Though Joe Lapchick, through his relationship with Douglas, was well aware of the racism players of color experienced and changed, the leagues were not and would not. The American Basketball League refused accept the Rens into its league in 1925. Joe Lapchick’s former team, the Original Celtics, in a show of solidarity, refused to join the league. Ironically, as a result of the Great Depression, the league was shuttered while the Rens were at the peak of their success.

New York won the world basketball championships over the Original Celtics. This was also the same season (1932-33) when the team lost only eight of its 120 games and had an 88-game winning streak, which doubled the Celtics’ record of 44.

As a result of the Rens’ success, another all-black team was able to form and gain prominence. In 1927, the Harlem Globetrotters were founded by Abe Saperstein as a team focused on entertaining and amazing the crowd with their handles. The two teams each had a different focus, though, so there wasn’t a great deal of competition for the territory they had carved out.

“It wasn’t so much a rivalry because it was a different type of operation,” said Isaacs. “Theirs was entertainment and ours was straight basketball. We didn’t play them that often.”

There were times with the two squads squared off, and they were often memorable occasions, such as when New York defeated Harlem, 27-23, in the third round of the 1939 world basketball tournament in Chicago. The Rens would win the whole thing, beating the Oshkosh All-Stars, 34-25.

It would only take a year for the Globetrotters to avenge the playoff loss, when Duke Cumberland found the bottom of the net on half-court prayer and gave the team the 27-36 victory. Joe Lapchick tried to help integrate the game even more when he approached the Basketball Association of America owners with the idea of allowing the Rens in. They too rejected the idea.

In 1949, Saperstein gained control of the Rens and used them as an opening act for the Globetrotters. The following year, New York was disbanded.

“I was raised hearing that the Celtics were the greatest team of all time,” said Richard Lapchick. “My dad’s friends would say that and all our neighbors would say that. But he would correct them and say, ‘The Rens were every bit as good as we were in the beginning and were better than us in the end.’ “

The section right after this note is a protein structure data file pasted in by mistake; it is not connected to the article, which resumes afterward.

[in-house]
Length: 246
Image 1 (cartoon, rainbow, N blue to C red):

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The Mandatory Challengers: Surviving a Boxing Riot

Originally posted at Foxsports

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Originally posted at the undefeated

1896 – George Washington Carver builds a school
Known for discovering more than 300 products derived from the peanut, scientist George Washington Carver becomes the head of the Agricultural Experiment Station and Agricultural School at Tuskegee Normal School.

1968 — Henry Lewis becomes the first African-American to lead a major orchestra
Henry Lewis broke racial barriers when he was named director of the New Jersey Symphony. Lewis’ 47 years of work includes transforming the symphony from an ensemble into a well-known, prestigious orchestra that performed at Carnegie Hall and the Kennedy Center.

1978 — Leon Spinks upsets Muhammad Ali for the heavyweight title
Twenty-four-year-old Leon Spinks shocked the boxing world as he battled for 15 rounds against the 36-year-old Muhammad Ali for a split-decision victory. Spinks became the heavyweight champion of the world in front of a crowd of 5,300 at the Las Vegas Hilton Sports Pavilion and millions of television viewers. Ali went into the fight as a 10-1 favorite to win.